As far as American sports go, the National Football League is and has been king of the mountain for some time. The game is a great spectacle for television and the fact that it tends to lend itself perfectly to other extracurricular activities (i.e. fantasy football, betting, etc.) only makes the allure that much more potent. Given it’s popularity and undying fan support, it seems that the only thing that can stop the NFL is…well…the NFL itself.
One frustration with the league is the fact that it continues to tinker with it’s product. For example, rule changes have been made in recent years that are starting to change the very fabric of the game. In one instance, the NFL has worked very hard to make the game safer for it’s participants by deeming certain hits illegal. In theory, that is a good thing as far too many retired players have had health issues that stem back to their time in football. However, while a safer sport is a positive thing, we’ve seen time and time again that it leads to officiating that is inconsistent and confusing.
While the NFL has to address the officiating issue somehow, it’s understandable that rule changes made to help with safety may be necessary and are probably not going anywhere anytime soon. What is not clear and extremely frustrating is why the league feels like it needs to change the way the game itself is played.
The latest example of this is the NFL’s attempt to make the extra-point seem more “relevant.” NFL kickers converted the extra-point 99.6 percent of the time in 2013. To make the play more of a mystery, the league’s competition committee announced that they are exploring the option of 42-yard extra points. That would make the kick less of a certainty and certainly make it a more exciting event. The issue with it is that it’s absolutely ridiculous.
First of all, commissioner Roger Goodell has previously suggested that the extra-point be taken out of the game entirely, and teams would just receive seven points for scoring a touchdown (the team still had an option for an eighth point, but if they failed the score would drop to six). This approach would make for one less play which would be one less chance a player has to get hurt. This idea is also absurd (albeit a little less so than the 42-yard attempt) and is the complete antithesis of what the competition committee is suggesting by moving the kick back. Do they not talk to Goodell? Was moving the extra point back 23 yards brought up to the public so “the automatic seven points idea” would look better?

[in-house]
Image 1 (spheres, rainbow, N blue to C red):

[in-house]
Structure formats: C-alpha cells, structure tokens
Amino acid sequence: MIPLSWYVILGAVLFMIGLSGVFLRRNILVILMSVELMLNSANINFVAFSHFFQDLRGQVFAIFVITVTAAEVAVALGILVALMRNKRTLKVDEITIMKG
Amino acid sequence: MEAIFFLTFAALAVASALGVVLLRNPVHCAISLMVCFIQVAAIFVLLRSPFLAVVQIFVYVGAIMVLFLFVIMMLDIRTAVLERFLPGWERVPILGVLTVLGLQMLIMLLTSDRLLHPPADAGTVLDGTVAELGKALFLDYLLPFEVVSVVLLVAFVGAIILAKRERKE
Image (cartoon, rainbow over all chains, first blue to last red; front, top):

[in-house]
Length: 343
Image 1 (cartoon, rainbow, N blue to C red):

In addition to further inconsistencies and a decrease in player safety, moving the extra-point back to 42 yards creates an uneven playing field for teams. What does this mean? Well, teams playing in domes have an advantage over teams who play in open air, cold weather stadiums. Do you mean to tell me an extra-point in Pittsburgh in December would be the same as an extra point in Indianapolis? I realize that they are still dealing or not dealing with the elements and shape of the field on a 19-yard attempt, but there is a lot more margin for error with those extra 23 yards included. Also, if you want to move the kick back, why not try a 30-yard attempt and see how it goes? That would make the kick a little more difficult but not unbearably so.
In the end, I think the NFL is just talking here and the likelihood of a 42-yard extra point attempt being the new norm is slim. That doesn’t make where the NFL is headed under Goodell any less worrisome. From inconsistent officiating, to eliminating kickoffs, to changing the extra-point, it seems there is no end to the tinkering and movement within the rules.
The game is great as it is Roger. Leave it alone.
Follow Al on Twitter @AlSacco49
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